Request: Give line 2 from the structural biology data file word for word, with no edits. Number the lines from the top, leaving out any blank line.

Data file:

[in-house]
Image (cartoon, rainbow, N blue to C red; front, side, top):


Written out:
Image (cartoon, rainbow, N blue to C red; front, side, top):